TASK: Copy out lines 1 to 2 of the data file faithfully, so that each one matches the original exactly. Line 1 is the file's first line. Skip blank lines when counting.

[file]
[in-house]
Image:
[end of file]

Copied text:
[in-house]
Image: